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Jun 28

The Secret of Healthy Sitting Posture

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As a follow-up to the June Tip of the Month – the impact of incorrect sitting – Surgeon Dr. Gerd Schnack from the Sport and Prevention Center in Zug, Switzerland informs us about impingement on the neck, spine, hips, skeleton, joints, and related muscle groups.

Humans are made for walking and running, not sitting, according to his argument! While sitting per se is not the issue, doing so on the same chair and maintaining the same rigid position becomes problematic for joints – a cardinal mistake, according to Dr. Schnack! Yes, really! And, we tend to ignore the fact that the usual 10-12 hours per day spent sitting while eating, traveling in the car, sitting in the subway or bus, hunching over our laptop, and our endless texting habits become potential health risks.

The big problem with our sitting position is that supporting muscular structures of the neck and lower spine (lumbar column) have to endure constant strain and stress while the antagonist muscles of the lower back and hips remain unchallenged for a lengthy period of time. We not only damage the back due to our incorrect sitting posture but also lock the shoulders and hips into a rigid and stiff bent-over position. These muscles are then rarely stretched during sitting because the body adopts the bent or hunched position; and “we are actually convinced that our body is not going to ‘strike back with all that bad sitting’ when we deprive upper extremities and hip joints of the freedom of movement…(Dr. Schnack).”

He lists several reasons that prolonged sitting can damage our health:

  • Breastbones and ribcage become even more bent because the counter-movement/counter-swing is lacking. Consequently, the hip joints used in standing and walking can no longer open sufficiently, which can result in back pain.
  • It is a chronic (sustained) lack of movement, which is not only detrimental for the back but also the heart and circulation, thereby potentially shortening our lifespan.
  • It doubles the risk of heart and cardiovascular disease as well as diabetes.
  • It increases the risk of osteoarthritis and contributes to intervertebral disc damage.
  • It becomes a factor in weight gain because unused muscles degenerate, i.e., change into body fat but burn up less fat.
  • It contributes to body imbalance because especially the hip muscles (‘the filet mignon’ among muscles, as he calls it) are neglected. He considers these muscles as one of the most important for health.

Here, consider all the injuries especially athletes suffer (Schloder). Why? What exactly is so special about these muscles? For example, they control the pendulum swing of the lumbar spine and thereby regulate critical pressure exerted on the spinal disks. In addition, they are also important for our breathing and running function.

  • It has tremendous impact on the physiological function because the hip joints are bent at 90-degrees, and ‘signal muscle death of the iliopsoas’, according to Dr. Schnack; they shrink in the sustained flexed position although it is supposed to be responsible that we can bend and straighten the body. In order to do this, the muscle depends on the function of elastic fibers, which degenerate when not used or trained. Therefore, the hip muscles are inhibited.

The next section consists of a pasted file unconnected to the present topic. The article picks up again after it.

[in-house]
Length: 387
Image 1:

• It impedes the development of the fascia and iliopsoas, which is indispensable for our upright standing. It also becomes problematic for the small back because stressed hip muscles increase intradiscal pressure due to the exaggerated forward curvature of the lumbar spine, leading to the dreaded hyperlordosis (hollow rounded back, sway back – excessive inward curvature of the lumbar [lower] spine).

It is impossible to ban chairs and sitting from our lifestyle …but we can take measures to counteract our sitting habit in order to diminish body tension and improve the hip flexor. Here are his suggestions:

  • Get up every 30 minutes and incorporate several stretching exercises
  • Get up every 30 minutes and move about for 1-2 minutes
  • Get up every 30 minutes and lie down to stretch out – elevate the legs
  • Get up every 30 minutes – lie on floor – tuck up legs – wrap arms and hand around calves roll back on floor
  • Perform the ‘Stork-leg Ritual.’ Stretching is done in the sitting position because we can not effectively reach the facia-iliopsoas in the standing position with this exercise:

Assume sitting upright position on front edge of chair – hands grasping side edges of chair – place the L leg beneath the chair to the back – top of L foot on floor – L thigh and hip stretched to maximal – lift the R leg off the floor – shift the upper body to the back without arching the back – thigh and frontal abdominal wall are linear aligned – slightly bounce the upper body forward and backward in a dynamic position – repeat – opposite side/hip/leg/foot

Benefits of Correct Sitting Posture:

  • Foremost, back pain can be controlled better because the shift/re-positioning and equal distribution on the lumbar spine reduces intradiscal pressure, thereby reducing the risk of a herniated disc injury.
  • Our body appearance changes because we can move more easily. We walk more upright and more gracefully with good hip action instead of stomping along hunched over.

Note:

Dr. Gerd Schnack is a surgeon for Sport and Prevention at the Allensbacher Prevention Center, Zug, Switzerland.

Reference:

Schnack, G. (2018). Meine Gesundheit. Medizin Thema der Woche. Das Geheimnis des gesunden Sitzens. Gesundes Sitzen auf einem Stuhl – alles was Sie dabei beachten sollen [My health. Medical theme of the week. The secret of healthy sitting. Healthy sitting habits on a chair – everything you need to pay attention to], Das Neue Blatt #14. March 28, pp. 24-25, and www.DasNeue Blatt.de

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